I met my that friend, in September after a brutal hard, dismal summer.  Our friendship lasted nearly 30 years – I moved to several different states and he passed on during my traveling years.  Good guy.  Together we blended in; cliqued with others like ourselves.  My Aunt Josie got me a job at Woolworth’s, I found a better one – more money; moved into an apartment, found a make-shift family made up of two families.  I worked nights; went to school during the day.  It was a two year labor of love in the “key of me.”  My one room home bore the brunt of my anguish; contained my screams of cleansing tears, while nourishing my phoenix of strength and resolve.  I began to slowly change.  A settling of the war within me revealed a way out of my madness.  And one summer night, with friends from my blended families, I discovered music. What a wonderful world it could be.

I began to sing for my soul.

I took pen to paper to write songs, but my heart wrote of torment and storm; of sorrow and wrong.  As fate would decree, my writings would one day lead me to college and a ground-breaking job as an advertising agency Copywriter; a Michigan Avenue “Mad Man.”  The music would send me to the woman destined to love me “true blue” – to make me better, and give me an heir and double-spare.  Years later, we would discover that we never lived more than a mile from one another during the five years before we met.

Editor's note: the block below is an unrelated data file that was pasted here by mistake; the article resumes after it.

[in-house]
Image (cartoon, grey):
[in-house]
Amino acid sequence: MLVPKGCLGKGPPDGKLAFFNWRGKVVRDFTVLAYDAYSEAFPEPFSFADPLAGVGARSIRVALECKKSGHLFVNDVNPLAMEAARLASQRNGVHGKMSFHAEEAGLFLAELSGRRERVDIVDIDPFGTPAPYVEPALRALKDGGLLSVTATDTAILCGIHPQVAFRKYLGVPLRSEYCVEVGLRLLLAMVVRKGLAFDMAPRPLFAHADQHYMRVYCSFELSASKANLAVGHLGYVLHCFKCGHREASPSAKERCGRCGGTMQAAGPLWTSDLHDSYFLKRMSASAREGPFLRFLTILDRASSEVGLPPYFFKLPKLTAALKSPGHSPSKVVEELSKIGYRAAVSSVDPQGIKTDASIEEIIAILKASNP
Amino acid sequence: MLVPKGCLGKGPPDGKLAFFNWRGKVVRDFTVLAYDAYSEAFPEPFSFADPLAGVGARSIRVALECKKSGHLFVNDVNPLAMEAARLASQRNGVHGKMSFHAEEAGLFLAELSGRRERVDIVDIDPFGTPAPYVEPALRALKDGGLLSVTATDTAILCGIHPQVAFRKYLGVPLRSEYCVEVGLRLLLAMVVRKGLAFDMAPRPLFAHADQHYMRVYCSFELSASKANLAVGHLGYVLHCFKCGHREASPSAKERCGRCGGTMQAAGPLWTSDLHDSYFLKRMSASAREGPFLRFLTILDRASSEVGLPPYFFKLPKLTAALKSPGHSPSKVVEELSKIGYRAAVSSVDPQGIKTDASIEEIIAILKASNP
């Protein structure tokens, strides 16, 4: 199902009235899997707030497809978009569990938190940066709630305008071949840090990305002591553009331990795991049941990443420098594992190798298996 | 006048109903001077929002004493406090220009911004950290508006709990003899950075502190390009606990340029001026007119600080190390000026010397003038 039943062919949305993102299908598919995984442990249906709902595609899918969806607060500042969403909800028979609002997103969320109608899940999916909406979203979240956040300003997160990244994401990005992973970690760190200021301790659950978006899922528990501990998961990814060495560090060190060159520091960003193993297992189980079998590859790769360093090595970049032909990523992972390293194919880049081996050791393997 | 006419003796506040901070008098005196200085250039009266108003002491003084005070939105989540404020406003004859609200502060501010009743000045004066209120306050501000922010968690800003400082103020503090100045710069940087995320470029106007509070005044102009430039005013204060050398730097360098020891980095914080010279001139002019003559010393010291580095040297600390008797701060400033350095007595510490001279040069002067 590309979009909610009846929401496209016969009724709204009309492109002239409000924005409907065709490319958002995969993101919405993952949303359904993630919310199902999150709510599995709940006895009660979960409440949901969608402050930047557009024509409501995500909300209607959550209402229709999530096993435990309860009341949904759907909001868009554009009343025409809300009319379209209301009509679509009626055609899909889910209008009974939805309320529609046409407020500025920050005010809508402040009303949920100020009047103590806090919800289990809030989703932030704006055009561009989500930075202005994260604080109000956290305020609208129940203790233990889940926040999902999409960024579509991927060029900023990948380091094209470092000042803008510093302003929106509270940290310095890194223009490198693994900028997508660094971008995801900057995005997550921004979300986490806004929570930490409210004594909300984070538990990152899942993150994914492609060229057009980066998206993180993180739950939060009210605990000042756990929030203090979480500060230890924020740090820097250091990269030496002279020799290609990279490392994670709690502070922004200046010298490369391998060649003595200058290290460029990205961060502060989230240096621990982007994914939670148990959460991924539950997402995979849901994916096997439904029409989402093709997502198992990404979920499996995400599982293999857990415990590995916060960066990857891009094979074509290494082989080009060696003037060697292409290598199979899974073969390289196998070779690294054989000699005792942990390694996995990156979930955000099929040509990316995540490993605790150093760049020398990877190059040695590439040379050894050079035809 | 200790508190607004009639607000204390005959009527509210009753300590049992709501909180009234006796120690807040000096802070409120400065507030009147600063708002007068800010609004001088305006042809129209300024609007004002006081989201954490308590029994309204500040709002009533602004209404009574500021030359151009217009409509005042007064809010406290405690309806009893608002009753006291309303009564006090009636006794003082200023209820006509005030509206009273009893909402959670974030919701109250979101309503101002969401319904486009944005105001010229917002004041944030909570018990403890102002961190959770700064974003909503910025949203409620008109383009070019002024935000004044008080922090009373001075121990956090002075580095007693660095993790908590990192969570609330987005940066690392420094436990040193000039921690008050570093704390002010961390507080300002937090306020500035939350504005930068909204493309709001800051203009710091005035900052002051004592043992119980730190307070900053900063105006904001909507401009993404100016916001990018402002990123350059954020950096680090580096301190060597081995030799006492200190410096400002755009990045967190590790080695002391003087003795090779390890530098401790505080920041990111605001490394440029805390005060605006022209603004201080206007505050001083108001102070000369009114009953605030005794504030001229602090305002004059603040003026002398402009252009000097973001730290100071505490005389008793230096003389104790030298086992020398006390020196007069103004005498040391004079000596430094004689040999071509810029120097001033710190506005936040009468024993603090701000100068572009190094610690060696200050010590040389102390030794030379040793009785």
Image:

Those long two years of night inched to a close at Christmas time; it was also graduation time ( I was in the last class to ever graduate in January.)  It was my “mother in my life” again time, too.  It would end the same as last time.  No goodbye, no kiss on the cheek – not even “I love you.”

Only this time, I would be the one to leave.

Copyright (c) Roads, Paths & Trails – “Glimpses of a Memoir #3 – “Songs I could not sing For My Sons.” 2015.  All Rights Reserved.